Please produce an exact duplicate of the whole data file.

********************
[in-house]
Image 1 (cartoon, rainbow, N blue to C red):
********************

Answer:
[in-house]
Image 1 (cartoon, rainbow, N blue to C red):